Anne-Louise Ponsonby has worked in various roles including as the Foundation Chair of Population Health at The Australian National University Medical School. Ponsonby is now an epidemiologist and public health physician based at The Florey Institute of Neuroscience and Mental Health in Melbourne. She has extensive experience in the design, conduct and analysis of population-based studies. Her current work is focused on combining population epidemiologic approaches with system biology, and using this approach, within population-based studies, to investigate early brain development and multiple sclerosis.

Dr Neville M Newman

Neville Maurice Newman (1923-2018) was a consultant paediatrician and Director of Neonatology at the Royal Hobart Hospital. He was a Doctor of Surgery, a Fellow of the Royal Australasian College of Physicians and a Fellow of the Royal College of Physicians (London).

Dr Laura E Gibbons

Laura Gibbons is a General Internal Medicine Biostatistician at the University of Washington and a Data Management and Statistics Core researcher at the University of Pittsburgh Alzheimer’s Disease Research Center.

Sudden Infant Death Syndrome (SIDS)

The term ‘SIDS’ is used when an infant, who has apparently been quite well, is found unexpectedly dead and follow-up examination is unable to discern a cause of death.

SIDS is thought to occur when a vulnerable infant is exposed to environmental stressors. 

Infants are particularly vulnerable between two to four months following birth, as during this time the infant brain is undergoing rapid and extensive physiological changes, particularly in how it controls activities such as breathing and the maintenance of body temperature. 

Infants may be particularly vulnerable during sleep because of dysfunctional and/or immature cardio-respiratory and/or arousal systems that make it difficult for them to respond to stressors.

External environmental stressors include prone (on tummy) sleeping, overheating with excessive bedding, co-sleeping and soft bedding.  Epidemiological studies on the incidence of SIDS have also identified that maternal smoking or drug addiction may enhance the vulnerability of a developing infant. Conversely, there are external factors that may be protective against SIDS, such as breastfeeding.23, 24


This case study was developed with input from Professor Anne-Louise Ponsonby and Professor Terry Dwyer, and in partnership with the Menzies Institute for Medical Research at the University of Tasmania.

The information and images from which impact case studies are produced may be obtained from a number of sources including our case study partner, NHMRC’s internal records and publicly available materials.

The following sources were consulted for this case study:

  1. National Health and Medical Research Council. Report of the National Health and Medical Research Council, Thirty–first session held
at Sydney NSW, 23rd and 24th May 1951. NHMRC. p190 
  2. Australian Women’s Archives Project. The Australian women’s register: Beal, Susan (1935- ). Available from: htm. 2004. Accessed 20 September 2021
  3. Beal S. Sudden Infant Death Syndrome. MJA 1972; 2: 1223–1229. [Quote taken from p1228]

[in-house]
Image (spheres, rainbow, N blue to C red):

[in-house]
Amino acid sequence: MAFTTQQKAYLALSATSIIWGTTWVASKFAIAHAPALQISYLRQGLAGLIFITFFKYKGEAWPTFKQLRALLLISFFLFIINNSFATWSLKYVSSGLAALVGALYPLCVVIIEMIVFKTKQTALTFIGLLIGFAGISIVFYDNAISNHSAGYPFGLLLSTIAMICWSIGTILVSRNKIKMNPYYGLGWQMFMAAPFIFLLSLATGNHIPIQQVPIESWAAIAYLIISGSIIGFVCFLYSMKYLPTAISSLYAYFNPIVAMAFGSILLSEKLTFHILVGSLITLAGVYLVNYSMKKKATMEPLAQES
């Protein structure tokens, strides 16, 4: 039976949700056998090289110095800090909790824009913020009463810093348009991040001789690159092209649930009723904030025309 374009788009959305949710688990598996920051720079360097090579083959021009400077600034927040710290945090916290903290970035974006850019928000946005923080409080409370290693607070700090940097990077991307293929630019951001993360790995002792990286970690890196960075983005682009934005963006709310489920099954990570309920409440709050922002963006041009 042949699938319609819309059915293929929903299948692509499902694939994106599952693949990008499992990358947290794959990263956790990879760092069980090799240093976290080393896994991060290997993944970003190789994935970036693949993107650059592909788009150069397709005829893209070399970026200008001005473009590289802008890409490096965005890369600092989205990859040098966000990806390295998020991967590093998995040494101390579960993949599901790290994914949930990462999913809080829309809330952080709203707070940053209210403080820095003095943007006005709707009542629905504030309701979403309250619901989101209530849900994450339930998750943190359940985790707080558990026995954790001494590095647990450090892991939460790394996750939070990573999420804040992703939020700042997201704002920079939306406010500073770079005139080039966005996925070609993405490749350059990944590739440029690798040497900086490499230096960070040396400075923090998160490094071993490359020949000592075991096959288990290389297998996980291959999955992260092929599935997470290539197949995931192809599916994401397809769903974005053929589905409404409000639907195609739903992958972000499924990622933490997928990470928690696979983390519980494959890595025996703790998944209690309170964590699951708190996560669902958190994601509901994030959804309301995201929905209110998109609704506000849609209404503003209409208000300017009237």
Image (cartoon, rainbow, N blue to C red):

4. Van Der Weyden MB. Bench-to-bedside research in Australian research institutes – a snapshot. MJA 2003; 179(11): 603-610
  5. Dwyer T. The Research Enterprise - The Menzies Centre for Population Health Research. MJA 2001; 175(11): 617–620
  6. Hogberg U, Bergstrom E: Suffocated prone: the iatrogenic tragedy of SIDS. Am J Public Health 2000; 90: 527-531
  7. Dwyer T, Ponsonby AL, Newman NM, Gibbons LE. Prospective cohort study of prone sleeping position and sudden infant death       syndrome. Lancet 1991; 337: 1244–1247
  8. Ponsonby AL, Couper D, Dwyer T, Carmichael A, Kemp A, Cochrane J. The Relation between Infant Indoor Environment and
Subsequent Asthma. Epidemiology 2000; 11(2): 128–135
  9. Ponsonby AL, Dwyer T, Gibbons LE et al. Factors potentiating the risk of SIDS associated with the prone position. N Engl J Medicine 1993; 329: 377–382
  10. Dwyer T, Ponsonby AL, Blizzard CL et al. The contribution of changes in the prevalence of prone sleeping position to the decline in SIDS in Tasmania. JAMA 1995; 273: 783–789
  11. Raven L. Sudden Infant Death Syndrome History. Chapter 4 in in SIDS - Sudden infant and early childhood death: The past, the present and the future. Duncan JR, Byard RW (eds). 2018. The University of Adelaide Press
  12. National Health and Medical Research Council. Report of the National Health and Medical Research Council, 112th session October 1991. NHMRC. p46
  13. American Academy of Pediatrics (AAP) Task Force on Infant Positioning and SIDS: Positioning and SIDS. Pediatrics 1992; 89(6): 1120–1126
  14. Australian Institute of Health and Welfare. General Record of Incidence of Mortality (GRIM) books. AIHW. Accessed from Version 25 June 2021
  15. Sidebotham S, Bates F, Ellis C, Lyus L. Preventive Strategies for Sudden Infant Death Syndrome. Chapter 12 in SIDS - Sudden infant and early childhood death: The past, the present and the future. Duncan JR, Byard RW (eds). 2018. The University of Adelaide Press 
  16. Personal communication, Professor Terry Dwyer, 25 October 2021
  17. Duncan JR, Byard RW. Sudden Infant Death Syndrome: An Overview. Chapter 2 in SIDS - Sudden infant and early childhood death: The past, the present and the future. Duncan JR, Byard RW (eds). 2018. The University of Adelaide Press
  18. Gaultier C. Environmental Factors and Risk for SIDS. Pediatr Res 1999; 45: 36.